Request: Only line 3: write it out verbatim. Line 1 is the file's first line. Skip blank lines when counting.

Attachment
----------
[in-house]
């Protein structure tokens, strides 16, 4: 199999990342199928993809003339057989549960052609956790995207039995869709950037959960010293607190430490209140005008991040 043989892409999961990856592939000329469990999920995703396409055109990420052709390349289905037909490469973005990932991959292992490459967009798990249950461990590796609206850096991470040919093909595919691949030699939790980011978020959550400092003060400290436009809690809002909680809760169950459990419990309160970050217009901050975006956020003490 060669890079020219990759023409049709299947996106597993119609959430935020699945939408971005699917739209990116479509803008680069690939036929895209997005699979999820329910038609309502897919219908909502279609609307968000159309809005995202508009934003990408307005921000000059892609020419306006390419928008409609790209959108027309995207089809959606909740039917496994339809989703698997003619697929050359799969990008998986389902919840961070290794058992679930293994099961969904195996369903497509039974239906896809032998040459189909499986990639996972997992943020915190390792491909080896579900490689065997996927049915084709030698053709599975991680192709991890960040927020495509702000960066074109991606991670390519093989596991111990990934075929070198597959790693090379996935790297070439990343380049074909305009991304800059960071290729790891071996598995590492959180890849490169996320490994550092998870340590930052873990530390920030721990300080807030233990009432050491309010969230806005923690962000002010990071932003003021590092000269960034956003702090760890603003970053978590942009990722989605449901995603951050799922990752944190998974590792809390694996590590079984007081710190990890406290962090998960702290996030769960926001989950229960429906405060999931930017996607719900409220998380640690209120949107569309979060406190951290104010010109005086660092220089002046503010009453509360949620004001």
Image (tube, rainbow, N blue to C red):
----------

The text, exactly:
Image (tube, rainbow, N blue to C red):